PHILADELPHIA -- With a pair of boxing gloves draped over Joe Frazier's casket, the Rev. Jesse Jackson stood nearby and delivered a stirring knockout pitch for the fitting tribute he said the late heavyweight champion deserved, the immortal reward his family longed for in his life.
"Tell them Rocky is fictitious, Joe was reality," Jackson said, referring to the hometown character from the boxing movie, "Rocky," and whose statue stands at the base of the Philadelphia Museum of Art. "Rocky's fists are frozen in stone. Joe's fists are smokin'. Rocky never faced Ali or Holmes or Foreman. Rocky never tasted his own blood. Champions are made in the ring, not in the movies.
"There deserves to be a statue of Joe Frazier in downtown Philadelphia."
Long overdue, perhaps, Jackson should, at last, get his wish. After all, in the year after his death, Frazier's legacy is stronger than ever in Philadelphia.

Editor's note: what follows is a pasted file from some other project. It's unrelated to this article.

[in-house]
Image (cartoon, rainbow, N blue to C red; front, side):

Perhaps there's just something about boxing champions and this city -- a 1-2 combo that perseveres through time. Because in the 12 months since Frazier's funeral, Philadelphia has wrapped its arms around his presence and power:
-- A fundraising venture for a statue near Philadelphia's three sports stadiums is in the works for the former heavyweight title holder.
-- Preservationists are seeking to save Frazier's former gym, which served as his training site and a neighbourhood anchor in north Philadelphia. Frazier sold the building in 2008.
-- There's a "Fight Night" planned at City Hall for a one-time showing of his 1971 "Fight of the Century" bout against Muhammad Ali.
-- His former manager is trying to write a biography on Frazier's life outside the ring.